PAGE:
Cannabidiol (CBD) is one of the latest ingredients to take the health world by storm. Derived from both hemp and cannabis plants, CBD, as well as other cannabinoids, spark curiosity in some and skepticism in others. Meanwhile, a lack of federal regulations surrounding the substance in the U.S. makes it particularly challenging to parse fact from fiction when it comes to consumer health and safety.
We at Forbes Health take our role of providing you with accurate, research-supported, and expert-backed information very seriously—especially when it comes to murky topics like CBD and other hemp and cannabis cannabinoids.
The Legal Landscape of CBD
Hemp is defined as a cannabis plant that contains no more than 0.3% THC by dry weight. Meanwhile, marijuana is a cannabis plant that contains more than 0.3% THC by dry weight. Any cannabis plant containing more than 0.3% THC is considered non-hemp cannabis—or marijuana—under federal law.
The Farm Bill Act, among other changes, removed hemp’s classification as marijuana under the Controlled Substances Act, effectively making hemp-derived products legal. However, the 2018 Farm Bill explicitly preserved the U.S. Food and Drug Administration’s authority over hemp products. Therefore, hemp products must meet any applicable FDA requirements and standards just like any other FDA-regulated product under the Federal Food, Drug, and Cosmetic Act (FD&C Act).
At a minimum, states have approved the use of FDA-approved products that contain less than 0.3% THC. Some states have a cap of 0.05% THC while others have legalized marijuana entirely. Some states expressly permit the use of gummies that fall within these guidelines. This variance puts local regulations in misalignment with federal guidelines. As of right now, CBD is neither approved for inclusion in food nor as a dietary supplement.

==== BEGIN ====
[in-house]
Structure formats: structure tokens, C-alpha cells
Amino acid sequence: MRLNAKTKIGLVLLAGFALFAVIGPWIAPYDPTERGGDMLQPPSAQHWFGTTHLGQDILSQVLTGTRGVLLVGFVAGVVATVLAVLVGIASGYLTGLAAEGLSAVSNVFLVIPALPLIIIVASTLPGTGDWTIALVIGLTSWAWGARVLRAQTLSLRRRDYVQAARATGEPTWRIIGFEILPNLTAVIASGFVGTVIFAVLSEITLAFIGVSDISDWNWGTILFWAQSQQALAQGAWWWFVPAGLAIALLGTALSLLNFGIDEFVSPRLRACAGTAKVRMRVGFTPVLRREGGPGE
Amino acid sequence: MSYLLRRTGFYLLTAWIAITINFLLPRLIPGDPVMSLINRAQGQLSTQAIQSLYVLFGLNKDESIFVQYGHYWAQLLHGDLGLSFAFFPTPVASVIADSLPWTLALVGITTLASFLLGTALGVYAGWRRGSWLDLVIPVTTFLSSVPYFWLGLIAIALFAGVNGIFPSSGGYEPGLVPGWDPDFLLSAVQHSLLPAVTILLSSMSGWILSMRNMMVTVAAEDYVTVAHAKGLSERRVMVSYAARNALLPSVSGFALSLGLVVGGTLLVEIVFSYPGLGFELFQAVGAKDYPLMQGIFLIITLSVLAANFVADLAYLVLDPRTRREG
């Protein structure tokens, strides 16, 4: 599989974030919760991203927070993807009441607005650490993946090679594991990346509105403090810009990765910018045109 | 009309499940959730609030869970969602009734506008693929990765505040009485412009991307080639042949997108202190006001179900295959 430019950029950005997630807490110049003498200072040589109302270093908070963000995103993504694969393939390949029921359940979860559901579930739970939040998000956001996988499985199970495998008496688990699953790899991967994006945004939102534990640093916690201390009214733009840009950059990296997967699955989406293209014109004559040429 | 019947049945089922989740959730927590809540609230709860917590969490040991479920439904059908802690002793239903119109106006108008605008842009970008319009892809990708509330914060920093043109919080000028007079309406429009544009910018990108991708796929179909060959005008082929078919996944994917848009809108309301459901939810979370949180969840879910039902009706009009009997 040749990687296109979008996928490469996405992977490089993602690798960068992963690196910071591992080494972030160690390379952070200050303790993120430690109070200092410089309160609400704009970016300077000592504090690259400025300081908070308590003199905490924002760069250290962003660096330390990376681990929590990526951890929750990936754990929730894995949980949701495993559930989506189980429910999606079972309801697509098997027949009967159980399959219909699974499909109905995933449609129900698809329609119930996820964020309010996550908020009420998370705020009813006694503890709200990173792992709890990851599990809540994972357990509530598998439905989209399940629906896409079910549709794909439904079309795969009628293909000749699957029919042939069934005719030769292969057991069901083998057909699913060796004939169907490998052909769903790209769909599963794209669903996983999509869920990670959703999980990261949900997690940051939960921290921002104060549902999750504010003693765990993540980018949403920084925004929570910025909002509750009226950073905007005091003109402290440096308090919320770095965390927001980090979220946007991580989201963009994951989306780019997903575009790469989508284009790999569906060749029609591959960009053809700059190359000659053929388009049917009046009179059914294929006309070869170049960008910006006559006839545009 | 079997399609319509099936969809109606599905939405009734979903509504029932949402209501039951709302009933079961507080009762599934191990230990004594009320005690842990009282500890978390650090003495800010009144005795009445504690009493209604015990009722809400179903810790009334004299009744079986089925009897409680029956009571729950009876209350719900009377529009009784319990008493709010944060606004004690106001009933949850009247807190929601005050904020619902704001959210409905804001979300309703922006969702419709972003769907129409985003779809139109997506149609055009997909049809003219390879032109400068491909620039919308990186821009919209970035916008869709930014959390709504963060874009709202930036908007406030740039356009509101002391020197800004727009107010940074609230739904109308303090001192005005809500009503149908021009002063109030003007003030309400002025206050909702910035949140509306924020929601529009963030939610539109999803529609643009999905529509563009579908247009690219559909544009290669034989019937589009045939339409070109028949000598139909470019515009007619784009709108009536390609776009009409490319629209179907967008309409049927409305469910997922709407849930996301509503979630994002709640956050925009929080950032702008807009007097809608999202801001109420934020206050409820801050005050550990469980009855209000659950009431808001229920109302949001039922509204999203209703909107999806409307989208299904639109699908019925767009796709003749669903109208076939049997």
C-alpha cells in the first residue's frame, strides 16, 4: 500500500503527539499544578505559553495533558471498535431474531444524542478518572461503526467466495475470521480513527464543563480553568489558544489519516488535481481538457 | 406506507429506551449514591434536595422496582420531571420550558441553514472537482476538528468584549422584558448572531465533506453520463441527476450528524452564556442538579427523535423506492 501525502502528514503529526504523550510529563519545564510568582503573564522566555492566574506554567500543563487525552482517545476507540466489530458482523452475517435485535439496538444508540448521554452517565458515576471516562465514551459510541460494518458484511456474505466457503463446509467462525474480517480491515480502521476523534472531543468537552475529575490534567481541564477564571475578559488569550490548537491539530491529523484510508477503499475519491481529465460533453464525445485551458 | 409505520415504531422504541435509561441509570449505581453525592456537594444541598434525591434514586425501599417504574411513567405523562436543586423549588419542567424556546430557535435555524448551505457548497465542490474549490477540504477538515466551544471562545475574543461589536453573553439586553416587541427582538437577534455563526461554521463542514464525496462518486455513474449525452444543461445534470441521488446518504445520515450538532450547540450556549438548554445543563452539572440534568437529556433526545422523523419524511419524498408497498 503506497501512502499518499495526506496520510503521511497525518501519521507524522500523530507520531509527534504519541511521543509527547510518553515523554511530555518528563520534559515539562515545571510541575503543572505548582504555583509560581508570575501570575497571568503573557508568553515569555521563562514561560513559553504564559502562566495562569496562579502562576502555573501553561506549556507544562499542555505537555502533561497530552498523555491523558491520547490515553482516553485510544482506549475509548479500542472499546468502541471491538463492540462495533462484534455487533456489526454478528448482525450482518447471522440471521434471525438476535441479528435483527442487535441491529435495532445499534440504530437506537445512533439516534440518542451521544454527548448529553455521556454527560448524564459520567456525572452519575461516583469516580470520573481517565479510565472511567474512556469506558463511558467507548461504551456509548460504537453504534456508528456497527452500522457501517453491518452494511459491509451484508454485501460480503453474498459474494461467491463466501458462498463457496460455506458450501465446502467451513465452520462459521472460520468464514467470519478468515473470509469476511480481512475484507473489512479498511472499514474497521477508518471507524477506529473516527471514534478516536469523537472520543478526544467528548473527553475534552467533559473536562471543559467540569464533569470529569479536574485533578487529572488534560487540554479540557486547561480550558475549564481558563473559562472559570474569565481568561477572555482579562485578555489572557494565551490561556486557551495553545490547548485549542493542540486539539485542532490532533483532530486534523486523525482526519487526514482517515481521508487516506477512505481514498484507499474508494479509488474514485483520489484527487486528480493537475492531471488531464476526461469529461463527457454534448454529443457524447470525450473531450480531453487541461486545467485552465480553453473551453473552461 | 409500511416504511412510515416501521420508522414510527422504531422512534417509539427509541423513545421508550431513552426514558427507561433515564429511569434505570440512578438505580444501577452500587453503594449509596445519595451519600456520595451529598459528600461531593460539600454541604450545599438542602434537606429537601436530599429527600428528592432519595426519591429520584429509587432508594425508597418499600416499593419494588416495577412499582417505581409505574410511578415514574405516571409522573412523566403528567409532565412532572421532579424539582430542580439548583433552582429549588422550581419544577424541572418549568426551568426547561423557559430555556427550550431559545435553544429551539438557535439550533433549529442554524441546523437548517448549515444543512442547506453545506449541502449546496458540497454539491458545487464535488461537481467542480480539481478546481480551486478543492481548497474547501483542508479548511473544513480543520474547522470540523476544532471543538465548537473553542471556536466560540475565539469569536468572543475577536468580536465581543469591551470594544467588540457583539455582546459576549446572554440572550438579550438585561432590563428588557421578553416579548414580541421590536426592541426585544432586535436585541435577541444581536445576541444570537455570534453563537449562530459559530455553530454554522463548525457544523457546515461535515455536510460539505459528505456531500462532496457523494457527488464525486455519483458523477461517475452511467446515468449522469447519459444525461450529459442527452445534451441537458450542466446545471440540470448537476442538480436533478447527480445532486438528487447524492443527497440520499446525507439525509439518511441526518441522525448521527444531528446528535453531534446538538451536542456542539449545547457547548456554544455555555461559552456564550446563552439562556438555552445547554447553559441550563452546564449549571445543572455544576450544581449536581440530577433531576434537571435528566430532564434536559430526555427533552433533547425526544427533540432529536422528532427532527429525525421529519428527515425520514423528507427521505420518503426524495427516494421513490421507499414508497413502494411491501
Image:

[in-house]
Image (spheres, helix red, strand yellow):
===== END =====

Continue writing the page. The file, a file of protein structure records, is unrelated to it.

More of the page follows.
Our Stance on CBD
It is our editorial policy to not make unsubstantiated or unscientific claims in our content or recommend products derived from marijuana. Similar to our other areas of health coverage, all health claims must be attributable to a scientific study in order to align with requirements of the Federal Trade Commission (FTC), and marijuana-derived products remain illegal in most states and have not been removed from the federal list of controlled substances.
Generally speaking, the use of hemp-derived CBD is legal under the Farm Bill Act. In our coverage of such products:
- We will not recommend products that derive CBD from non-hemp sources (sources containing more than 0.3% THC by dry weight).
- We will not make unsubstantiated claims that cannot be scientifically validated.
- We will not recommend CBD products as dietary supplements or as part of a healthy diet or wellness regimen.
It is our goal and privilege to serve as your trusted source for safe and accurate CBD information. When reading any of our CBD content, know that it was carefully written, edited and fact-checked prior to publication. What’s more, we are paying constant attention to the legal landscape of CBD and cannabis to ensure our content accurately reflects any changes that should occur.